The Charleston Post and Courier is reporting:
The federal spending plan approved by the U.S. House today includes some money for the Port of Charleston, under a provision proposed earlier in the Senate by S.C. Republican Lindsey Graham.
The $4.2 million for Charlestonâ€™s harbor deepening study will help ensure no time is lost on the lengthy process. The U.S. Army Corps of Engineers says it could take 5 years and about $20 million to study the plan and decide if itâ€™s feasible and in the national interest.
The study began in June and had already been advance-funded by the State Ports Authority for about the first two years. The availability of the $4.2 million in federal funds preserves the SPAâ€™s ability to step in with advance funding again, should federal funds be unavailable further along in the study period.
This definitely will heat up the funding competition between Savannah and Charleston for federal funds for dredging. Savannah is far ahead of Charleston in terms of studies and permits, but the Savannah Harbor Expansion Project has been embroiled in any number of controversies.
And, as the Post and Courier piece notes, the dredging in Charleston would “only” cost $300 million as opposed to the $600 million-ish that dredging the long Savannah River channel would cost.
Graham’s proposal in today’s funding measure might ultimately bring some clarity to the various competing port projects on the East Coast:
A provision Graham included in the spending bill requires the U.S. Army Corps of Engineers to evaluate ports with the goal of developing a national plan to deal with larger container ships. Such ships will become more common on the East Coast when an expansion of the Panama Canal is completed in 2014.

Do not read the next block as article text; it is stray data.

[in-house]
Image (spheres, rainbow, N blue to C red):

â€œWhat Iâ€™m trying to do is create a merit-based vision,â€ Graham said Friday afternoon. â€œWeâ€™ve got issues to overcome, but this is a breakthrough.â€
Does this qualify as an “earmark”?
UPDATE: More from the AP:
“It’s a big step on a long journey,” [Sen. Graham] told reporters by telephone from Washington, adding the account could be a model for harbor projects in the future.
As part of the bill, the corps is being given six months to study all ports on the East Coast to determine how they will be affected by the canal widening.
“I’m trying to create a merit-based system and I’m confident that with the natural attributes of Charleston – a deep water port with very wide access and close to the Atlantic Ocean – we’re going to be very competitive,” he said.
[. . .]Graham said federal money must be spent with the national interest in mind.
“I’m not capable of creating legislation in the environment in which we live that only helps Charleston and no one else,” he said. “I’m not trying to create an environment to shut one port down. That’s just not possible up here and it’s not my desire. My desire from a national point of view is to make sure taxpayer dollars are invested wisely.”